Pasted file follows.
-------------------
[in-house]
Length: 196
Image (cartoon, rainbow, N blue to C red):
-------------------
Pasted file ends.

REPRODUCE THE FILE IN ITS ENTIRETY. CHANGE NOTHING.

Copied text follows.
[in-house]
Length: 196
Image (cartoon, rainbow, N blue to C red):